Vodafone launches OTT TV in NZ's crowded market
- Newly-acquired telco to start selling standalone TV service next month
- Joins number of operators launching streaming services
- Are there too many TV services for customers to choose from?
In its first major product launch since being taken over by investors last week, Vodafone New Zealand has presented its new Vodafone TV service, which it will bring to market across the country in September.
Technically, Vodafone NZ marked day one of the takeover by announcing its 5G launch...will take place in December. Now, that's not really news, is it? Admittedly, it will be first to market in the country, with Spark not due to launch for another 11 months and 2degrees having indicated it is in no rush to join the party, but still, come back to us when you've flicked the switch.
Vodafone TV is ready to go though. We have pricing details and everything.
The Vodafone TV box will retail at NZ$179 from Vodafone stores and other retailers and will function as a standalone product; that is, it can be used with a fibre broadband service from any provider. Users can store up to 500 hours of cloud recording and can record as many channels at once as they like. Speaking of channels, the service comes with various preloaded apps, including Sky Sport, Netflix and YouTube, with others to follow, including Amazon Prime, and customers can pay by credit card to add Sky channels.
Vodafone NZ is one of a number of telcos and TV providers getting into OTT TV and video services as consumers increasingly look to streaming services to replace traditional pay TV options.
"High-speed broadband penetration, along with the availability of multiple streaming services, is driving the declining pay TV trend," said ABI Research analyst Khin Sandi Lynn this week. "Increasing broadband penetration is, in fact, accelerating the adoption of online video services across different regions." And naturally, the pay TV operators themselves want in, particularly given that the cost of offering such services is often lower than traditional offerings.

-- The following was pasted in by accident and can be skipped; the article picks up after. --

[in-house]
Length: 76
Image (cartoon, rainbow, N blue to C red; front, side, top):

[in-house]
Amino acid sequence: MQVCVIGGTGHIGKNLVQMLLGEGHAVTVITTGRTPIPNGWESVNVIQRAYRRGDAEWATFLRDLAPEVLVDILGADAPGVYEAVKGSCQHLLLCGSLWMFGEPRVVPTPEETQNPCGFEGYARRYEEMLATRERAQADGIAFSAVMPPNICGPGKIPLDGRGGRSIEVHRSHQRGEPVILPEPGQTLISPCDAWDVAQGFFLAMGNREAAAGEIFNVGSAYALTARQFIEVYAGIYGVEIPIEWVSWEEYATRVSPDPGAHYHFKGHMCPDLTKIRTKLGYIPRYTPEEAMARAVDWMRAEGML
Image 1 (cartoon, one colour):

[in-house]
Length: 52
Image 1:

AT&T is currently the poster child for TV
confusion choice. In addition to its U-verse IPTV and DirecTV satellite services, the operator runs streaming services AT&T TV Now (formerly DirecTV Now) and Watch TV, and has two more in the pipeline: AT&T TV and HBO Max.
Little wonder, perhaps, given that North America is suffering the most from cord-cutting; cable, satellite, and IPTV services in the region shed more than 1.2 million subscribers in the first quarter of this year alone, ABI reports, while AT&T alone posted 778,000 premium TV customer losses in Q2.
AT&T is an extreme example, but we are seeing a growing number of subscription TV options in markets the world over, while customer wallets are staying broadly the same size. As Nick Wood pointed out last week, customers are losing out as content rights are being split between multiple TV offerings (see: Content is the king that turned tyrant).
There's a reason why I still have a DVD player in my bedroom (and it's not just pigheadedness) and a shelf full of box sets, in actual boxes rather than in virtual form, and I'm pretty sure I'm not the only one.
Of course, the DVD market is declining heavily too. From a volume perspective, DVD sales in the UK fell by 23.5% last year, according to the Entertainment Retailers Association, while in the week before Christmas sales fell by 31.2%; the latter point was the last straw for retailer HMV, which called in the administrators.
Only a fool would insist that streaming is not the future. But there is a gap between an ideal world in which we can watch what we want when we want it, and the real world, in which doing just that would require multiple different subscriptions and would therefore be prohibitively expensive.
Vodafone TV makes an effort to bridge that gap, but still content rights are split. For example, the local press is pointing out that Spark Sport, the streaming service owned by telecoms incumbent Spark that holds some top-end sports rights, is not available on Vodafone TV.
How many TV services does any one customer want or need?
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